Nonprofit: Pandemic-related stress could spur rise in deaths linked to alcohol, drugs, suicide

Mental health experts are concerned that emotional stress related to the coronavirus pandemic will exacerbate already rising numbers of deaths from drugs, alcohol and suicide.

Nationwide, alcohol deaths are up 4%, suicide deaths are up 2%, and death rates for all opioids are down 2%, but the death rate for synthetic opioids is up 10%, according to 2018 data released from the Trust for America’s Health, a D.C.-based health policy nonprofit.

“The estimates most recently are at least 75,000 additional deaths over the next several years that are correlated with what people are going through with COVID-19,” said John Auerbach, the nonprofit’s president and CEO.

“There was a 1,000% increase in April of this year in the people [reaching out to] the National Institute of Mental Health’s emotional distress hotline compared to last April,” Auerbach said.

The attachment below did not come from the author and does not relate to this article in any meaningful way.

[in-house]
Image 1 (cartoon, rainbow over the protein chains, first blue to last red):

About 20,000 people texted the hotline last month, compared with 1,790 texts in April 2019.

In the immediate D.C. area, death rates from alcohol, drugs and suicide overall is about level in Virginia, Auerbach said. But Maryland rates are increasing by about 3 to 4 % in all three areas.

This while suicide rates in D.C. are up 14%, and alcohol-related deaths increased 21%.

Now, with the U.S. in the grips of a pandemic, Auerbach fears things will get worse.

“We’re going to see increases in all three — drug, alcohol and suicide numbers,” Auerbach said. “We’re in an extraordinary situation now where we’re likely to see these numbers go through the roof as a result of COVID-19.”

You can find Trust for America’s Health policy recommendations on these issues online.

For free confidential crisis counseling, text SHARE to 741741.

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